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Graphics/Benchmarks

Vulkan vs. OpenGL Performance For Linux Games

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Graphics/Benchmarks
Gaming

It has been a while since last publishing some Linux GPU driver benchmarks focused explicitly on the OpenGL vs. Vulkan performance, but that changed today with a fresh look at the performance between these two Khronos graphics APIs when tested with AMD and NVIDIA hardware on the latest RadeonSI/RADV and NVIDIA Linux graphics drivers.

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AMD Graphics: AMDKFD, AMDGPU

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Graphics/Benchmarks
Hardware
  • Raven Ridge Support Posted For AMDKFD Compute Driver

    Felix Kuehling of AMD sent out the remaining six patches for getting the AMD Raven Ridge (Ryzen APUs) working with the AMDKFD kernel compute driver so that the ROCm/OpenCL user-space compute stack can be run on these new APUs.

  • Radeon RX Vega Display Regression Fix Heading To Linux 4.18 Git

    If you have been part of the group of Radeon RX Vega Linux users trying out Linux 4.18 and finding your display no longer lights up, heading to Linux 4.18 Git should be a fix for at least some of the users.

    Sent out on Friday was a batch of AMDGPU DRM-Fixes-4.18. It's just three fixes, but two of them are pertaining to display problems and the other a segmentation fault if the GPU does not power up properly when resuming the system.

Graphics: Libinput, Mir, Wayland and Release of Mesa 18.1.4

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Graphics/Benchmarks
  • Libinput Gets Reworked Trackpoint Acceleration

    Peter Hutterer at Red Hat is trying again to get trackpoint acceleration performing nicely under the libinput library so trackpoints behave nicely across Wayland, X.Org, and Mir systems.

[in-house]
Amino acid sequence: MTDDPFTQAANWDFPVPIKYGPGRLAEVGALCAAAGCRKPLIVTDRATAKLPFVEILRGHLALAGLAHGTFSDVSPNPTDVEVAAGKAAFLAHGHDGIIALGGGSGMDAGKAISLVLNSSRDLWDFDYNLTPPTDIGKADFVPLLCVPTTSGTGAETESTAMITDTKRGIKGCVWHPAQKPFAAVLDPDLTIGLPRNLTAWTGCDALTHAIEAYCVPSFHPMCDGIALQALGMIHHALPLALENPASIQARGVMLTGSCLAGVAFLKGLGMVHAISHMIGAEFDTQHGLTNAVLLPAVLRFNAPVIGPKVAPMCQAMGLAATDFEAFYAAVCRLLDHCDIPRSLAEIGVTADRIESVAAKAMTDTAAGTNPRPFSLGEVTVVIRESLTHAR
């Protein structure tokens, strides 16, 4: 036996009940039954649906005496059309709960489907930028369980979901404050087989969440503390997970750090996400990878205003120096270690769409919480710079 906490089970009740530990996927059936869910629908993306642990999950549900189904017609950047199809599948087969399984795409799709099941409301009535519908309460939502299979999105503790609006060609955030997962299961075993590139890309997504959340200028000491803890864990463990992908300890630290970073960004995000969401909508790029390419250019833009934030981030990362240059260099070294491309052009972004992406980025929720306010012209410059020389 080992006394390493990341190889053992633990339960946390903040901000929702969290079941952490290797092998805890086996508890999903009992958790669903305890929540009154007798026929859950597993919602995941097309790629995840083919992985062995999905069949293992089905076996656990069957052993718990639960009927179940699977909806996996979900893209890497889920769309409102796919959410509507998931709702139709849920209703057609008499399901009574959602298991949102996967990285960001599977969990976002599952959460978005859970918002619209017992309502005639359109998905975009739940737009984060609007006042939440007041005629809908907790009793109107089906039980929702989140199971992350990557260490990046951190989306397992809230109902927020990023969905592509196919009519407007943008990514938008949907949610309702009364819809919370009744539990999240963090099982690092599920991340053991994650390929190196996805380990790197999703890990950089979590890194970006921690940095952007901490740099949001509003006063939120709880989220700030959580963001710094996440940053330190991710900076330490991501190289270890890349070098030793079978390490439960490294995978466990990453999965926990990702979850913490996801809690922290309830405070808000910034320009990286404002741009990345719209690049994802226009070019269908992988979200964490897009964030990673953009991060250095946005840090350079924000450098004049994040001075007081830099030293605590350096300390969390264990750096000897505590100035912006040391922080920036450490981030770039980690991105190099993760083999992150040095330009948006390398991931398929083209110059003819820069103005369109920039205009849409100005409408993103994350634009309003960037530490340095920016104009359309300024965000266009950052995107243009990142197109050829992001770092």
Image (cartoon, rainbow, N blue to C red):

Hutterer believes now that libinput's previous trackpoint acceleration code was "simply broken", but he believes this new code is on the right track and supports a wider configuration range.

  • libinput has a new trackpoint acceleration

    Just a heads-up, I just merged a branch that fixes trackpoint acceleration
    in libinput. The previous approach was simply broken, the new one is quite
    similar to what we had before anyway - calculating speed from the deltas and
    applying the acceleration curve from that. The curve is adjusted for
    trackpoints with a relatively wide configurable range.

  • Mir 0.32.1 Released With Launcher For Internal Wayland Clients, Fixes

    Canonical developers working on Mir have prepared the release of Mir 0.32.1 with a few fixes and improvements off the recent release of Mir 0.32.

    The Mir abstraction library (libmiral) now has a launcher for internal Wayland clients and the MirAL shell has reinstated the "spinner" in Wayland for when starting the shell. There are also several bug fixes pertaining to Mir's Wayland and Mesa support in this point release.

  • Wayland 1.16 & Weston 5.0 Reach Alpha

    Samsung's Derek Foreman has announced the alpha release of Wayland 1.16 as well as the Weston 5.0 reference compositor.

    As is often the case with recent Wayland releases, they are not all that large. Wayland 1.16 Alpha does away with the deprecated wl_global definition, fixes various oddities, the Wayland code generator now supports foreign enums, and updated contribution documentation.

  • mesa 18.1.4

    Hi list,

    Mesa 18.1.4 is now available for download.

    In this release we have:
    - Several fixes for i965
    - Several fixes for anv